There is much in that book I do not understand, but also a lot that strikes me as deeply insightful. One of the most relevant sections for me is about naïveté. I have never considered myself to be naïve, but in the sense Bly uses the word it describes me uncomfortably well. Not all that he says applies, but these extracts are both true and distressing (p. 63ff):
The naïve man feels a pride in being attacked. If his wife or girlfriend, furious, shouts that he is a “chauvinist,” a “sexist,” a “man,” he doesn’t fight back, but just takes it. He opens his shirt so that she can see more clearly where to put the lances. He ends with three or four javelins sticking out of his body, and blood running all over the floor.
He feels, as he absorbs attacks, that he is doing the brave and advanced thing; he will surely be able to recover somewhere in isolation. A woman, so mysterious and superior, has given him some attention. To be attacked by someone you love – what could be more wonderful?
The naïve man will also be proud that he can pick up the pain of others. He particularly picks up women’s pain. ... He is often more in touch with women’s pain than his own, and he will offer to carry a woman’s pain before he checks with his own heart to see if his labour is proper in the situation. I think each gender drops its own pain when it tries to carry the pain of the other gender. I don’t mean that men shouldn’t listen. But hearing a woman’s pain and carrying it are two different things.
We all have special relationships but [the naïve man] surrounds the special person with a cloying kind of goodwill. The relationship is so special that he never examines the dark side of the person. ... He accepts responses that are way off, conspires somehow with their dark side.
Sincerity is a big thing for him. He assumes that the person, stranger, or lover he talks with is straightforward, goodwilled, and speaking from the heart. ... He puts a lot of stock in his own sincerity. He believes in it, as if it were a horse or a walled city. He assumes that it will, and should, protect him from consequences that fall to less open people.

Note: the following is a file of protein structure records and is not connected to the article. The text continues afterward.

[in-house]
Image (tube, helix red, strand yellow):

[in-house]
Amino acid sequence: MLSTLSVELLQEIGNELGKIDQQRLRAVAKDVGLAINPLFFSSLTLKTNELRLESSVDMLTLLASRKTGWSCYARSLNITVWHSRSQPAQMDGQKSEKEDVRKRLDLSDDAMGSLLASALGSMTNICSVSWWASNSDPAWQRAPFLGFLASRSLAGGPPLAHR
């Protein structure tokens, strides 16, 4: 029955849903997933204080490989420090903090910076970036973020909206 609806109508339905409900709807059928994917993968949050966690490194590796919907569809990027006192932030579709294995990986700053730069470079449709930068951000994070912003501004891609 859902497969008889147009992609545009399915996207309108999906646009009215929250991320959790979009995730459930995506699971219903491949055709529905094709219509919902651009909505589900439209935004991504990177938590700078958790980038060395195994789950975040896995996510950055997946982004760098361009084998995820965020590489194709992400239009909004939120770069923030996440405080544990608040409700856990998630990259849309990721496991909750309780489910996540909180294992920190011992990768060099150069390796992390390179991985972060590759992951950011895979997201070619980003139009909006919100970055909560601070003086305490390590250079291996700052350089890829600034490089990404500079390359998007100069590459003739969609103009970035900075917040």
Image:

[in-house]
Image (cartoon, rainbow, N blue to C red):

A naïve man acts out strange plays of self-isolation. For example, when an angry woman is criticizing him, he may say, quite sensibly, “You’re right, I had no right to do that.”
The naïve man will lose what is most precious to him because of lack of boundaries. ... He confides the contents of last night’s dream to a total stranger. ... He rarely fights for what is his; he gives away his eggs and other people raise his chicks. We could say that, unaware of boundaries, he does not develop a good container for his soul, nor a good container for two people. There’s a leak in it somewhere.
The naïve man often doesn’t know that there is a being in him that wants to remain sick. Inside each man and woman there is a sick person and a well person; and one needs to know which one is talking at any moment. But awareness of the sick being, and knowledge of how strong he is, is not part of the naïve man’s field of perceptions.
The naïve man often lacks what James Hillman has called “natural brutality.” The mother hawk pushes the fledglings out of the nest one day; we notice the father fox drives the cubs away in early October. But the ascender lets things go on too long. At the start of a relationship, a few harsh words of truth would have been helpful. Instead he waits and waits, and then a major wounding happens farther down the line.
His timing is off. We notice that there will often be a missing beat a second or so after he takes a blow, verbal or physical. He will go directly from the pain of receiving a blow to an empathetic grasp of the reason why it came, skipping over the anger entirely. Misusing Jesus’ remark, he turns the missing cheek.
As a final remark about naïveté, we might mention that there is something in naïveté that demands betrayal. ... When a woman lives with a truly naïve man for a while, she feels impersonally impelled to betray him.